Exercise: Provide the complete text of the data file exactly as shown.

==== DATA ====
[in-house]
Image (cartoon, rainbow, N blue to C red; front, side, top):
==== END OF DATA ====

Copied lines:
[in-house]
Image (cartoon, rainbow, N blue to C red; front, side, top):